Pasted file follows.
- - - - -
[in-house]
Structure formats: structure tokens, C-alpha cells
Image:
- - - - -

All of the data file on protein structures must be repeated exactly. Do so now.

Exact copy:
[in-house]
Structure formats: structure tokens, C-alpha cells
Image: